$fileinfo = pathinfo( $filepath );
    $basename = $fileinfo[ 'basename' ];

    if( isset( $_SERVER[ 'HTTP_USER_AGENT' ] ) ) {
      $periods = substr_count( $basename, '.' );

      $basename = strstr( $_SERVER[ 'HTTP_USER_AGENT' ], 'MSIE' )
        ? mb_ereg_replace( '/\./', '%2e', $basename, $periods - 1 )
        : $basename;

    $basename = mb_ereg_replace( '/\s+/', '', $basename );
    $basename = mb_ereg_replace( '([^\w\d\-_~,;\[\]\(\).])', '', $basename );

    return $basename;

Even though double dots in file names are allowed on some operating systems, we remove them for IE users. Note that if the file on the web server doesn’t pass through this method unscathed, then the file name will have to be updated before it can be downloaded. That does mean removing spaces and double dots from file names.


We need to make sure that regardless of whatever else happens, if the file name exists and the user requested it, the transmission starts. That’s why we only check whether there have been multiple requests by the same user after sending the file.

Transferring a file has many problems to solve:

On that last point, we cannot know with certainty that the client received the full file. TCP/IP is reliable and robust, but not perfect. However, we’re only counting download hits, not creating life support machinery. Miscounts once in a blue moon are tolerable.

Thus the download function:

  function download( $filename ) {

    $size = @filesize( $filename );
    $size = $size === false || empty( $size ) ? 0 : $size;
    $content_type = mime_content_type( $filename );
    list( $seek_start, $content_length ) = parse_range( $size );

    header_remove( 'x-powered-by' );
    header( 'Expires: 0' );
    header( 'Cache-Control: public, must-revalidate, post-check=0, pre-check=0' );
    header( 'Cache-Control: private', false );
    header( "Content-Disposition: attachment; filename=\"$filename\"" );
    header( 'Accept-Ranges: bytes' );
    header( "Content-Length: $content_length" );
    header( "Content-Type: $content_type" );

    $method = isset( $_SERVER[ 'REQUEST_METHOD' ] )
      : 'GET';
    return $method === 'HEAD'
      ? false
      : transmit( $filename, $seek_start, $size );

In software, functions that are around 20 lines long tend to be easier to understand than longer functions. Further, functions that are easier to understand tend to have fewer bugs.

The download function is responsible for parsing a range of bytes requested by the client and sending those bytes to the client. It will also short-circuit that logic to honour HTTP HEAD requests, which means only sending the HTTP header attributes (and not the file contents).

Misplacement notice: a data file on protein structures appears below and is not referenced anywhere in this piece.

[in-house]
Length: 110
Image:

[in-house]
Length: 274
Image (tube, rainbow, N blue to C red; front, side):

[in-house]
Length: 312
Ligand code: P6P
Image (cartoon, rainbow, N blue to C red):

Resume downloads

To resume a paused or discontinued download, the client must request that retransmission begin at a certain offset into the file. The full specification for handling partial downloads allows requesting multiple ranges. We won’t implement the full specification because it bloats the code significantly and isn’t necessary in most situations.

If a range was given but it doesn’t conform to the standard, we’ll tell the client and terminate the script immediately. On the same note, if the client specifies an impossible range, the call to fseek later will fail and we’ll simply try to transmit the entire file instead.

Parsing the range entails extracting the offset into the downloaded file to begin transmitting and how much data to send. We’ll return both of these pieces as an array.

  function parse_range( $size ) {
    $seek_start = 0;
    $content_length = $size;

    if( isset( $_SERVER[ 'HTTP_RANGE' ] ) ) {
      $range_format = '/^bytes=\d*-\d*(,\d*-\d*)*$/';
      $request_range = $_SERVER[ 'HTTP_RANGE' ];

      if( !preg_match( $range_format, $request_range, $matches ) ) {
        header( 'HTTP/1.1 416 Requested Range Not Satisfiable' );
        header( "Content-Range: bytes */$size" );


      $seek_start = isset( $matches[ 1 ] ) ? $matches[ 1 ] + 0 : 0;
      $seek_end = isset( $matches[ 2 ] ) ? $matches[ 2 ] + 0 : $size - 1;
      $range_bytes = $seek_start . '-' . $seek_end . '/' . $size;
      $content_length = $seek_end - $seek_start + 1;

      header( 'HTTP/1.1 206 Partial Content' );
      header( "Content-Range: bytes $range_bytes" );

    return array( $seek_start, $content_length );